Since the first building blocks of SON were laid down around 2008 by 3GPP and NGMN, uptake in SON deployments has been very selective by a few leading carriers for some use cases. However, universal applicability remains elusive. To say the least, the SON market is struggling – but why, and how that can be turned around is what interests me. Having just attended the SON USA conference, I had made a few observations and like to put some down here.
The context: SON building blocks were laid by NGMN and 3PGG in 2008 and have progressively been revised and updated to widen the scope of SON. They used a bottom up approach to define SON use cases for LTE which has expanded with every new 3GPP release of this technology. Specifications on 3G are more limited and follow from those of LTE. Applications of SON to the macro cell has been limited to a few use cases such as configuration and provisioning (neighbor relation is one of the most used features).
The operator perspective: There are multiple sentiments aired by operators when it comes to SON. There are questions on the value proposition which is difficult to quantify. For activities that can be streamlined, operators have developed in-house processes that substitute external SON systems. Operators are also more prone to test the water with the SON system provided by the RAN vendor rather than opt for a third party SON. With this approach, operators aim to limit investment in SON. This makes more sense wherever vendors are managing operator networks – especially in this case, SON becomes a feature of the RAN that the OEM can have a complete lock on. Network engineers perceive SON as a threat in the worst case. In the meantime, SON can be a contentious domain between different functional groups within the operator organization. Operators are highly vocal about having a multi-RAN SON system, yet this is ironic since a single SON system invests power into a single SON vendor.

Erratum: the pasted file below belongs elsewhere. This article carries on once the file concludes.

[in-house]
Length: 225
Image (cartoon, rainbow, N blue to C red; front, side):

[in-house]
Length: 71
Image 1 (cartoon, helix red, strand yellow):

The vendor perspective: The vendor space can be divided into RAN equipment vendors and third parties. RAN vendors have the advantage of easy access to data that the network elements generate (OEMs can easily hamper third parties’ access to this data). However, they don’t have monopoly on smarts and third party vendors differentiate by having innovative solutions that actually solve specific problems for operators. The third parties have specifically focused on 3G networks. Yet, some of the third party solutions have a narrow focus while some of the RAN OEM solutions struggle in terms of performance.
What’s next: escape forward! This sums up the state of SON. One emerging concept is pairing SON with big data analytics. While this is an interesting idea, the devil is in the details. Analytics target a certain use case – a well defined problem which is solved by customizing a process and algorithms. Coupling SON with data sciences requires good knowledge of both spaces. How the benefits are imparted to the network still remains to be seen especially as a closed-loop approach forms the basis of such pairing. Operator resistance to closed-loop processes limits the effectiveness of this new approach.
SON is widely viewed as essential for HetNets and while the uptake in small cells has lagged market expectations, it is not strange that SON has lagged correspondingly. But waiting for HetNets to take off means, to me, that it will be many years before SON sees some traction: The pain is not large enough yet to warrant its application.